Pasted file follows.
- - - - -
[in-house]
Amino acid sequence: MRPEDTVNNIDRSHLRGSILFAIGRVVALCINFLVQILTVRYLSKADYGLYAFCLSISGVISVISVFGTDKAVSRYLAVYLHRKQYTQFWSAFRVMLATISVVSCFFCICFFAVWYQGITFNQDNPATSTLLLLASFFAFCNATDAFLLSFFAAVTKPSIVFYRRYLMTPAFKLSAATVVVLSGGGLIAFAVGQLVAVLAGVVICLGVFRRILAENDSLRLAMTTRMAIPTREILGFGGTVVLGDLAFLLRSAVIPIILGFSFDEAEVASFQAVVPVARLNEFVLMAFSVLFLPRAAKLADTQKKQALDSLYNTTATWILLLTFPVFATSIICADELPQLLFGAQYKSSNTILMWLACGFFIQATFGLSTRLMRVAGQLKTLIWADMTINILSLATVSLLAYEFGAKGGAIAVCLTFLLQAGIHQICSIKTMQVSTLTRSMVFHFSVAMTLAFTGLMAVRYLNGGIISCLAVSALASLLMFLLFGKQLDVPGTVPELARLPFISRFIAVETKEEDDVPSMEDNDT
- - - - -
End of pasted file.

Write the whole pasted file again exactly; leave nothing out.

[in-house]
Amino acid sequence: MRPEDTVNNIDRSHLRGSILFAIGRVVALCINFLVQILTVRYLSKADYGLYAFCLSISGVISVISVFGTDKAVSRYLAVYLHRKQYTQFWSAFRVMLATISVVSCFFCICFFAVWYQGITFNQDNPATSTLLLLASFFAFCNATDAFLLSFFAAVTKPSIVFYRRYLMTPAFKLSAATVVVLSGGGLIAFAVGQLVAVLAGVVICLGVFRRILAENDSLRLAMTTRMAIPTREILGFGGTVVLGDLAFLLRSAVIPIILGFSFDEAEVASFQAVVPVARLNEFVLMAFSVLFLPRAAKLADTQKKQALDSLYNTTATWILLLTFPVFATSIICADELPQLLFGAQYKSSNTILMWLACGFFIQATFGLSTRLMRVAGQLKTLIWADMTINILSLATVSLLAYEFGAKGGAIAVCLTFLLQAGIHQICSIKTMQVSTLTRSMVFHFSVAMTLAFTGLMAVRYLNGGIISCLAVSALASLLMFLLFGKQLDVPGTVPELARLPFISRFIAVETKEEDDVPSMEDNDT